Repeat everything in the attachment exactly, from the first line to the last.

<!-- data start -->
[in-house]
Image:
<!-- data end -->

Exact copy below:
[in-house]
Image: